Basis Set Convergence of Nuclear Magnetic Shielding Constants Calculated by Density Functional Methods

Size: px
Start display at page:

Download "Basis Set Convergence of Nuclear Magnetic Shielding Constants Calculated by Density Functional Methods"

Transcription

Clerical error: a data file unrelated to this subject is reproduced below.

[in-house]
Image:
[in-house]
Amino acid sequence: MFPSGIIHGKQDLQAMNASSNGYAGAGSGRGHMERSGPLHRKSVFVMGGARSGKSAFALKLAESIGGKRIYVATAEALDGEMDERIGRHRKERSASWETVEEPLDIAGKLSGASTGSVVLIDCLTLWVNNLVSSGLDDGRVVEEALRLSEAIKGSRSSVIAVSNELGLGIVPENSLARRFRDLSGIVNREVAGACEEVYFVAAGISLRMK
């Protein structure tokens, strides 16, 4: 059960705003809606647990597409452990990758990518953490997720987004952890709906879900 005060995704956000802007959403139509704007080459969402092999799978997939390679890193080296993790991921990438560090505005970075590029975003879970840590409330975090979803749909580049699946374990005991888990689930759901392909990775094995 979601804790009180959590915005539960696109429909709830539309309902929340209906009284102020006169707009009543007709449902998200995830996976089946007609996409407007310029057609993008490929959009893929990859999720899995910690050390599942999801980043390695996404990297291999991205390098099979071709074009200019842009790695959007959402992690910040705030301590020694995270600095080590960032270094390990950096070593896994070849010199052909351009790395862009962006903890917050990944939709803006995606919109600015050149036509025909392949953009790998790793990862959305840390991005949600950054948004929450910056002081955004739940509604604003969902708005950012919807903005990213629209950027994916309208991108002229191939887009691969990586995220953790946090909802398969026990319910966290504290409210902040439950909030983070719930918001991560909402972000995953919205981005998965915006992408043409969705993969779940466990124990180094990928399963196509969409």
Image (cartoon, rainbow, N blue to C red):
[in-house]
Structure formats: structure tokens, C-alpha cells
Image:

1 J. Chem. Theory Comput. 2008, 4, Basis Set Convergence of Nuclear Magnetic Shielding Constants Calculated by Density Functional Methods Frank Jensen Department of Chemistry, UniVersity of Aarhus, Langelandsgade 140, DK-8000 Aarhus, Denmark Received January 11, 2008 Abstract: The previously proposed polarization consistent basis sets, optimized for density functional calculations, are evaluated for calculating nuclear magnetic shielding constants. It is shown that the basis set convergence can be improved by adding a single p-type function with a large exponent and allowing for a slight decontraction of the p functions. The resulting pcs-n basis sets should be suitable for calculating nuclear magnetic shielding constants with density functional methods and are shown to perform significantly better than existing alternatives for a comparable computational cost. I. Introduction The use of nuclear magnetic resonance methods for probing molecular structures in solution-phase environments is well established, and technical and methodology improvements continue to push the limits for the size of molecules that can be handled. An increasingly important element for interpreting the experimental data is the simultaneous calculation of spectral information, which allows a direct correlation between molecular structure and quantities such as nuclear magnetic shielding and spin-spin coupling constants. 1 In order for this to become a routine procedure, it is necessary that there exist computational procedures that both are fast and have well-defined accuracies. While sophisticated methods such as coupled cluster can provide very accurate results, they are limited to relatively small systems. 2 Density functional methods, 3 on the other hand, are applicable to systems with hundreds or even thousands of atoms. 4 The main drawback of density functional methods is the inability to systematically improve the results, but Keal and Tozer have recently proposed new exchange-correlation functionals aimed at calculating nuclear magnetic shielding constants. 5 The second component in performing electronic structure calculations is the use of a basis set for expanding the molecular orbitals. A large basis set will enable the full potential of the chosen method for calculating the wave function to be realized but also requires a large computational cost. A small basis set, on the other hand, is computationally efficient but introduces errors in the results. It is therefore desirable to have a sequence of basis sets such that the accuracy can be controlled and assessed at each level, and at the same time being as compact as possible. For wave function based methods including electron correlation, the correlation consistent (cc-pvxz) 6 basis sets developed by Dunning and co-workers represent such a hierarchy for energies and structural properties. For independent particle models, such as density functional theory, we have developed the polarization consistent (pc-n) 7 basis sets for providing a fast and controlled convergence toward the basis set limit. In discussions of basis set convergence, it is important to realize that different methods and properties have different basis set requirements and convergence rates. Both the ccpvxz and pc-n basis sets have been constructed using energetic criteria, such that functions which contribute similar amounts of energy are included at the same stage, and this leads to the maximum angular momentum function included in the basis set as the natural expansion parameter. The differences between the cc-pvxz and pc-n basis sets are related to the fact that the electron correlation energy converges as an inverse polynomial in the maximum angular momentum function, 8 while the density functional energy displays an exponential convergence. 9 By virtue of construction, the cc-pvxz and pc-n basis sets are therefore expected to provide the fastest convergence toward the limiting value for correlation and density functional energies, respectively. Energetically related properties, such as equilibrium geometries and vibrational frequencies, usually also display a smooth convergence toward the basis set limit /ct800013z CCC: $ American Chemical Society Published on Web 04/05/2008